Legacy and legend, and a volcanic prawn

"There were two desperate times. Two strong eruptions ... the first was the one that most scared us. Because we had not seen this type of eruption. Only ... we were already used to it. I believe the volcano was already erupting since when I was born. But it only bathed itself in fire, just … Continue reading Legacy and legend, and a volcanic prawn

Guatemala Vuelta

"Geology is too important to be left to geologists." - Patrick Corbett Guatemala. Although by name the land of many trees, I encourage you to consider it fauna not flora. You will find it alive and bristling, breathing its hot breath. From its sinuous green skin spring spines of sheer earth, steep and sharp. The … Continue reading Guatemala Vuelta

Fireside Tales

View of Volcán de Fuego from the terraces of Volcán Acatenango, Feb 2017

This blog post is a condensed version of a research article published on 7th October in VOLCANICA. You can find the full article here. It's fully open-access and free to download. Volcanoes present one of nature’s most spectacular sights and, while most of us would be hugely impressed by the breathtaking spectacle of the flames, … Continue reading Fireside Tales

Picture The Scene

Week Five was an incredibly long and dispiriting week, in which I hung around, failed to do interviews, and was generally hard on myself. I started to write a blog post about my largest bugbear, which was my continuing difficulty in communicating in Spanish to the level I’d like, and then – the post felt … Continue reading Picture The Scene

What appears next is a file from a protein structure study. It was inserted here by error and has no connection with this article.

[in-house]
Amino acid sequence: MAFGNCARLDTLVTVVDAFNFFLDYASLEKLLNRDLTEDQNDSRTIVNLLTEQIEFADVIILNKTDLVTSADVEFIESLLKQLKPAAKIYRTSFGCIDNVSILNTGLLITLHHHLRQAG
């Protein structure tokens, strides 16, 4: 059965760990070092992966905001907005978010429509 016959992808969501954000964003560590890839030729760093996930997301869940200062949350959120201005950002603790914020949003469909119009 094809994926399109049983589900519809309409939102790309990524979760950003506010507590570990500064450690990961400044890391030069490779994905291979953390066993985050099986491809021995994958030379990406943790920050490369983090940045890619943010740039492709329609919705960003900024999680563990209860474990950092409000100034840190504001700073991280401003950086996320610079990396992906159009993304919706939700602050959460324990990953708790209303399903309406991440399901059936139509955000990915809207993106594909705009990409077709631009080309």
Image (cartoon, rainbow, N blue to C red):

First impressions

It’s been a busy week! I am writing from my bunkbed in Fuego’s observatory, OVFGO1, in the village of Panimaché Uno (here). I am taking today (Friday 22nd February) off after conducting interviews between Monday and Thursday in the villages of Panimaché Uno, Panimaché Dos, Los Yucales, and Morelia. I am tired, but really stoked … Continue reading First impressions

A sense of scale

For my first blog post while in Guatemala this spring, I thought I would write about scales of time and distance. It’s something I think a lot about, especially because my research is split between two distant countries, and because 2.5 years into my PhD, I have rather more time to reflect on than to … Continue reading A sense of scale

Loma Linda

Guatemalan currency includes the one quetzal, that appears as either a crumpled green note or a round golden coin that flashes in the sun when new. A Q1 coin (approximately 10p) bears on one side the signature of the Accord of Firm and Lasting Peace, signed in Guatemala City on 29th December 1996 after three … Continue reading Loma Linda